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Paediatric cancer services ‘must be self-sufficient’

The Covid-19 pandemic has highlighted the importance of ensuring Ireland has a “self-sufficient” cancer service for children and adolescents, according to Prof Owen Smith, Consultant Paediatric Haematologist, Children’s Health Ireland, Crumlin.

Speaking to the Medical Independent, Prof Smith said while the Crumlin service has 95 per cent of the treatments provided by other comprehensive cancer centres, patients requiring certain therapies, such as CAR T-cell therapy or proton therapy, currently need to be sent abroad.

However, the variants of SARS-CoV-2, and their potential to disrupt international links between different health services, emphasise the value of self-sufficiency.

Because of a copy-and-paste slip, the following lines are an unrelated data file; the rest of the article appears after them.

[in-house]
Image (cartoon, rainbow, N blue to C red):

“Within comprehensive paediatric cancer care, we need to be self-sufficient,” Prof Smith said.

“We are still sending those patients abroad. It might be small numbers, but we send them to the UK, or we send them to the US or the EU. The mutations of SARS-CoV-2 are just some of many we are probably going to have to deal with into the future. We just need to be self-sufficient so we can handle all of this within the island.”

See news feature, Cancer services and the other big ‘C’ – Medical Independent

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